A fitness tracking app has come under scrutiny after indications that a map it released revealed details of movements at military bases.
The issue was raised as analysts examined a so-called heatmap released by Strava - a 'social networking' website & app that uses GPS technology to track and log activities such as running and cycling.
Data can be uploaded to Strava's platform through commonly used devices such as Fitbits.
The heatmap was released in November 2017 - using data gathered up until September of last year - with the company saying it took 1 billion activities to create a "direct visualisation of Strava’s global network of athletes" around the world.
Although the map clearly shows higher levels of activity around cities and population centres, it is detailed enough to highlight more isolated areas where unusually high levels of activity have been tracked.
While the global map was initially released several months ago, concerns about its apparent mapping of military bases were raised over the weekend by Nathan Ruser - an analyst with the Institute for United Conflict Analysts.
Strava released their global heatmap. 13 trillion GPS points from their users (turning off data sharing is an option). https://t.co/hA6jcxfBQI … It looks very pretty, but not amazing for Op-Sec. US Bases are clearly identifiable and mappable pic.twitter.com/rBgGnOzasq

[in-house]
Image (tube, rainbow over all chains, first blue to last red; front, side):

— Nathan Ruser (@Nrg8000) January 27, 2018
He pointed to apparent bases in Afghanistan and Syria where activity had been logged, where the data seems to clearly identify commonly used exercise routes.
Mr Ruser observed: "If soldiers use the app like normal people do, by turning it on tracking when they go to do exercise, it could be especially dangerous.
"[One] particular track looks like it logs a regular jogging route. I shouldn't be able to establish any Pattern of life info from this far away."
The revelations sparked immediate concern among security forces & experts, with The Washington Post reporting that the US-led coalition against the Islamic State has already moved to revise its guidelines 'on the use of all wireless and technological devices on military facilities'.
In a statement quoted by CNN, meanwhile, Strava said: "Our global heatmap represents an aggregated and anonymised view of over a billion activities uploaded to our platform. It excludes activities that have been marked as private and user-defined privacy zones.
"We take the safety of our community seriously and are committed to working with military and government officials to address sensitive areas that might appear."